Preface| Volume 18, ISSUE 2, Pxiii-xiv, April 2023

Neuroendocrine Neoplasms: Molecular Imaging and Therapy

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      Rathan M. Subramaniam, MBBS, PhD, MPH, MBA, FRANZCR, FACNM, FSNMMI, FAUR, Editor
      There have been transformative changes in molecular imaging diagnosis and radiopharmaceutical therapy for neuroendocrine neoplasms. This issue of PET Clinic “Neuroendocrine Neoplasms: Molecular Imaging and Therapy” updates critical basic and clinical practice aspects of PET imaging and therapy.
      68Ga-DOTATATE and 18F-FDG-PET/CT are now used as the standard of care in the molecular imaging phenotyping of patients. As DOTATATE PET/CT is more sensitive for well-differentiated, and FDG-PET/CT is more sensitive for poorly differentiated, neuroendocrine neoplasms or neuroendocrine carcinomas, these two imaging tests provide complementary information that allows the most accurate phenotyping, illustrating the intralesion and interlesion heterogeneity of these tumors. Moderate to intense DOTATATE uptake (above liver uptake) indicates sufficient expression of somatostatin type-2 receptors, making patients eligible for 177Lu DOTATATE therapy. However, FDG-PET/CT provides prognostic information, as patients with no FDG uptake have better survival outcomes, even among patients with well-differentiated neuroendocrine tumors (NETs). Therefore, patients who demonstrate intense FDG uptake and no DOTATATE uptake are deemed ineligible for 177Lu DOTATATE therapy due to poor response and survival outcomes. This strategy of selecting patients based on the molecular expression of targets and patients who would benefit most from 177Lu DOTATATE therapy prevents unnecessary comorbidities from ineffective treatment and would minimize inappropriate health system expenses. In addition, total body dynamic PET/CT could provide kinetic parameters and time activity curves, which may provide further biologic information for tumor heterogeneity and the potential for predicting therapy selection and response.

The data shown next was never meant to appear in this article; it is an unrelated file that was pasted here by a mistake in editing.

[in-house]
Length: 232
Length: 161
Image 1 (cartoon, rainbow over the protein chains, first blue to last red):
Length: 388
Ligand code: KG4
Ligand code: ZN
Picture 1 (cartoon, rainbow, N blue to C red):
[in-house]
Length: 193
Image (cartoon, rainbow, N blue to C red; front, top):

Increasingly, 177Lu DOTATATE therapy is used as the standard of care to treat well-differentiated, locally advanced, inoperable NETs progressing on somatostatin analogues. Long-term follow-up data have confirmed the significant progression-free survival advantage and excellent tolerability. Ongoing further clinical trials are investigating the utility of 177Lu DOTATATE against Everolimus (COMPETE; NCT03049189), 177Lu DOTATATE versus standard of care for patients with aggressive grade 2 and 3 GEP NETs (COMPOSE; NCT04919226), and 177Lu DOTATATE with long-acting octreotide versus high-dose (60 mg) long-acting octreotide as first-line therapy (NETTER-2; NCT03972488), which will further expand the indications in the future. In addition, other studies are investigating the use of 177Lu DOTATATE for other somatostatin receptor–expressing tumors, such as small cell lung cancer (NCT05142696) and meningiomas (NCT03971461). Furthermore, real-world data are evolving from India for treating NET patients (PRRT naive and those refractory to 177Lu DOTATATE) with 225Ac DOTATATE. At the time of analysis, median progression-free survival was not achieved for the population in this study and was about 30 months for those who received 177Lu DOTATATE. Ongoing clinical trials (NCT05153772, NCT05477576) in this space will shed more information on the success of alpha therapy in the future.
      The therapy response assessment in neuroendocrine neoplasms is challenging due to tumor heterogeneity, their slow-growing nature, and longer time for response to manifest. Therefore, a combination of biologic, anatomic, and functional response parameters is necessary to estimate the accurate therapy response.
      The scientific and clinical opportunities in diagnosing and treating neuroendocrine neoplasms are unlimited, and the future of the field is promising. This issue of PET Clinic outlines the current clinical practice and explores the scientific and clinical opportunities in the future.